Once we reached a lower altitude the fog dissipated although it was still cloudy. We drove on a road with some interesting stands selling tortillas, roasted chicken, menudo, raspados, beer, clothing and other miscellaneous articles.

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As we ventured further into the jungle, the vegetation changed and the roads deteriorated. We passed several men on bicycles carrying firewood. It’s a long trek down this winding road to get to the highway where the buses come, and people walk for miles.

We finally arrived at the home of the Ramirez family, friends of Bonnie’s. Their son Ivan had a birthday on the weekend. Bonnie had baked a cake and brought along a piñata. She had also prepared a cactus salad and bought three roasted chickens for the occasion.

The idea of Thanksgiving is to be thankful for what we have, and to share with others. I was totally overwhelmed by emotion as we all stood holding hands as our hostess prayed in Spanish before the meal.

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Our sumptuous feast was enhanced by the homemade tortillas prepared in the kitchen by one of the daughters. She did use a press to form them, but a fire blazed beneath the grill where they cooked.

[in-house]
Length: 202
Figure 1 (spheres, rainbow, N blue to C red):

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We sat around the table and talked for quite a while. I was delighted with how much my Spanish has improved and I was able to converse as well as listen. I also translated for Connie who speaks no Spanish at all.

Word got out that a piñata was there and other children from the area began to gather. Bonnie had bought quite a few jackets at garage sales and gave them to the children and some of the adults. They were so appreciative as the little money their families have goes towards food. Jackets to keep them warm in the winter are a luxury.

The children enjoyed batting away at the piñata and eagerly scrambled for the candies once they began falling to the ground. Their treasure clutched in bags, it was now time to enjoy the cake Bonnie had baked. It was delicious!

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Shortly after, we began our drive back to San Ciro. Once again we encountered fog. Some three hours later we arrived back home.

I think about the Ramirez family. They have so little themselves but are so giving. The family of six live in one room. They sometimes sleep outside on hammocks when it is hot. The kitchen is in a separate building. There is also an outhouse which I did not even attempt to visit. Connie wanted to buy them a fan. Instead they asked if she would buy them a blanket instead, as the nights get cold during the winter.

I am blessed. I have been given an opportunity to travel and to experience life in a way that would not have been possible had I remained in Canada. The material things I used to consider as necessities now mean nothing and have no place in the one suitcase I take on my travels. The treasure I have found here in Mexico is priceless although it cannot be measured in terms of monetary value.

Happy Thanksgiving!